The company auditor is required to answer questions at AGMs these days so don't be afraid to use him. Afterall, they are the only independent party you can turn to for advice on something contentious. It is also important to watch out for companies paying auditors large sums for "other services". These bonus fees can capture an auditor and them him or her less reluctant to blow the whistle when something dodgy happens. As a rule of thumb, it is worth probing any auditor at an AGM who is receiving more for "other services" than for normal auditing.


Japanese listed companies all have their meetings on the same day to spread the resources of the notorious Yakuza gangs thinly. The Yakuza likes to stand over Japanese companies and extract protection money. Let's hope the amazing coincidence in which Melbourne-based mining companies Newcrest and Pasminco have had clashing AGMs three years in a row is exactly that - a coincidence. And for media junkies like myself it is most annoying that the News Corp AGM in Adelaide on October 18 clashed with the PMP meeting in Melbourne. With Ken Cowley chairming PMP and sitting on the News Corp board you'd think he could have avoided that. Similarly, what a coincidence that PBL and Fairafx both have their meetings starting at 11am on November 3. Surely Fairfax chairman Brian Powers hasn't been conspiring with his Packer mates again. If a company wants to get minimal media exposure the best day to hold the AGM is at 4pm on a Friday in some far-flung suburb. The Saturday deadlines are much earlier than other days and the papers much tighter and full of features rather than hard news. Many journalists like to be in the pub by 6pm on Friday. Similarly, business journalists like to sleep in so company's such as One.Tel and ecorp which go for the pre-10am start often manage to minimise their exposure to pesky journalists and shareholders. The ideal time for an AGM start is 11am as it allows everyone to make their way into town after the rush hour and usually the meeting is finished in time for lunch. Lend Lease is having another 7pm meeting at Fox Studios this year which will probably get no media but a stack of shareholders. Maybe more companies should look at doing this. Big companies should move their meetings between Sydney and Melbourne but the likes of WMC and Qantas which take them to far flung centres such as Kalgoorlie and Adelaide only serve to reduce the number of shareholders attending. Investors should remember that travel costs incurred getting to and from AGMs are tax deductible. Therefore, if you want that Gold Coast holiday, buy some Village Roadshow shares and head up to their AGM at Movie World in late November.


There are many tactics I've seen chairmen use over the years to obfuscate and dodge questions. One of the best dodge tactics is that old chest nut of a legal dispute being ''subjudice''. Yes, Mr chairman, but if there is no jury, as there ain't in your case, you are much more able to comment publicly. When a company's share price is on the skids, just watch for the chairman who says the board does not set the share price, that is up to the market. The share price is the ultimate measurement of a board's performance, so any chairman worth his salt should be prepared to comment on it at length. There are a few other rules of thumb too:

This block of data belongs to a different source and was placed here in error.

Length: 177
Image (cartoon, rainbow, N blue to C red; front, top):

* If there is a perception of share overhang in the market, the chairman should say so.
* If the institutions have fallen out of love with the company, the chairman should say so.
* If there is a perception that the board and management have problems, the chairman should say so.
* If an entire industry is on the nose (ie private hospital operators and insurers at the moment), the chairman should say so.

The message here is: don't ever let a chairman wriggle out of explaining a tumbling share price. And also watch out for the old line that we are talking about this year's accounts only. A chairman should openly talk about the past 10 years if need be. The other big chairman cop out is claiming that ASIC regulations limit what a company can say. This would have a touch more credibility if ASIC weren't such paper tigers.


Executive pay in Australia gets a pretty big run in the media and is a pet topic of some shareholders. However, when compared with American companies, our top managers are not paid that well. A decent chairman should pick up around $100,000 a year and it is hard to begrudge the chief executive of a top 50 company earning more than $1 million these days. However, it is important that a large part of a CEO's package remains ''at risk'' and dependent on performance. The Howard government should be commended for accepting the Labor recommendations that executive remuneration be broken down into specific categories. This disclosure improvement has shown that Macquarie Bank tends to have the largest reliance on bonuses, which reflects the industry standard in investment banking. However, critics should also closely assess the shares and options that senior management and directors hold. The practice whereby directors can accept their directors fees in shares is also welcome and should become a lot more widespread. And when a director has absolutely no shares in a company, shareholders should ask why? One other useful rule of thumb is to assess what percentage of net profit is being paid to the CEO and the board. Westfield Holdings executive chairman Frank Lowy takes about 6 per cent of the net profit as salary last year, which in my book is way too much, especially when he is already worth about $2 billion. Similarly, non-executive directors should not be on bonuses or options scheme because they need to be at arms length from the process that negotiates these deals with management. Rupert Murdoch constantly thumbs his nose at this one. Similarly, NEDs should take all their compensation up front. If there is a golden retirement handcuff awaiting him or her then they are less likely to resign on a matter of principle when something is up.


One of the reasons Australian companies have performed so badly over the years is the lack of shareholder pressure. Dud directors survived on boards for years, some CEOs clung on too long, emotion and sentimentality was too often a factor in big decisions and corporate egos sometimes just got out of hand. So shareholders should get out there, attend as many AGMs as you can, ask questions and demand performance. All of us will be much better for it over time.

If any shareholders, directors, journalists or other interested parties have any criticisms or additions to make about this, please let me know by email on